Monthly Archives: September 2014

Unnecessary Tests

So something a lot of patients ask me is “Is this test really necessary?” The majority of the times a test is ordered it is necessary, but there are times when they are not. Let me define what I mean by necessary and unnecessary. Necessary, to me, is any test that will rule in, rule out, or confirm a diagnosis. Necessary tests guide treatment, letting the doctor know the next step in treatment, how to alter treatment, or when to stop.

Unecessary tests are tests that don’t really give me any new information that would help determine a diagnosis or change my treatment plan. Here are some of the reasons these tests are ordered.

1) Patient demands it. There are times when I know the XRay isn’t going to show anything because what they have is not something that can be visualized on XRay, but despite my best efforts to explain reasoning and the risk of radiation, they still demand it. It’s horribly uncomfortable to argue with a patient, and when they don’t get what they want, they just go down the block to the next doc. The practice loses business, and the doctor gets in trouble with the administration or suffers low survey scores which can lower reimbursements.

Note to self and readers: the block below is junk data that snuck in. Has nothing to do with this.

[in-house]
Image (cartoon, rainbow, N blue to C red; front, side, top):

2) To cover our butts. Sometimes we simply have to do it to ” just make sure” and protect ourselves. And we also want to make sure we are doing everything we can for our patients. Better to be safe than sorry.

3) For documentation purposes. Sometimes insurance companies need proof in the form of lab/ imaging results that the patient indeed needs this treatment. Also, sometimes insurance companies won’t cover a certain test or referral that I deem necessary until another test is done beforehand.

4) And, I’m embarrassed to say it, but ┬ásome doctors do it for money. Not all doctors do this or want to do this but sometimes we are forced to do so. The last company I worked for wanted me to order sleep studies and ultrasounds on every patient as they were procedures that were done in house and could be billed. My constant refusal caused me a lot of humiliation and reprimanding. Other doctors do them to make up the difference in what they are being reimbursed by insurance. I am not justifying this behavior in any way and I believe that it is a very small percentage of doctors that do this.

Hope  this sheds a little light into the issue of unnecessary testing.

“Work is killing me.”

So I know it’s been awhile since I’ve posted. The other doctor in my office was out of town so I was covering for him and then I got sick last week and am still feeling pretty crappy.The weather went from a blazing eighty five degrees to a rainy, dreary seventy in just a day and I had patients coming in with coughs and colds and sore throats for a week.